Pond Snail


Pond Snails are the most common species of freshwater snail. They are considered both useful and a pest. Unlike Ramshorn snails they are less likely to consume plants in the aquarium. They can however reproduce quickly often causing overpopulation. The eggs are clear jelly like clutches laid on glass and hardscape and can be easily removed.

Pond snails are omnivorous and will consume plants and food meant for other invertebrates. Any excess food should be removed from the tank as to not encourage population outbreak. They are suitable in a community tank and will do fine with other shrimp and invertebrate.

pond snail

Pond Snails can be identified by their dark brown peppered shell. Their body can range from a light translucent yellow color to a deep brown. Their body is often dotted with tiny dark spots.

Pond Snails will lay batches of eggs around the aquarium. They can be seen with the naked eye and should be removed if there is an overpopulation.

Pond snails like Ramshorn Snails receive a bad reputation. In smaller numbers Pond Snails are excellent aquarium cleaners and will contribute to low nitrates. When feeding other shrimp and inverts make sure they are given only enough food for them to consume in an hour. Remove any excess after this time period.

Temperature ~75°F

  • Pond Snails will often flourish in temperatures around 70°F - 80°F (21°C-27°C).

pH ~7.5

  • Pond Snails are most likely found in pH neutral aquariums.


  • Pond Snails species vary in size. Most commonly they are 3/4 - 1 1/4 inches in size.

Nitrite 0ppm

  • Nitrite should always be 0.

Ammonia 0ppm

  • Pond Snails are sensitive to ammonia spikes and copper additives.

Nitrate >40ppm

  • Nitrates should be as close to 0ppm as possible. Pond Snails consume debris contributing to lower nitrates but are sensitive to high nitrate levels.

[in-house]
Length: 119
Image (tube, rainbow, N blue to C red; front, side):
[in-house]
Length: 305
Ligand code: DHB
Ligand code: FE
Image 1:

How to avoid

  • Pond Snails can arrive in the aquarium through a number of ways. Unfortunately once in the aquarium using commercial pesticides will have detrimental impact upon shrimp and other invertebrates. Aquatic plants are the most likely to be hijacked. They should be thoroughly rinsed in a commercial sanitizer before being placed in the aquarium. Hardscape such as driftwood and rocks can also carry the eggs. They are very small in size and hence it is recommended to also soak anything that goes into the tank in a pesticide.


  • Pond Snails sometimes need supplemental food. Pond Snails can simply be fed commercial flake and pellet food. Pond snails will consume boiled vegetables such as zucchini.


  • Pond Snails are extremely easy to breed. They will reproduce in any aquarium with water and food. Their ease of reproduction can lead to issues with over population. They can become a pest and are hard to eradicate if populations become large. When keeping Pond Snails it is recommended to start with very few snails and ensure not to overfeed the aquarium.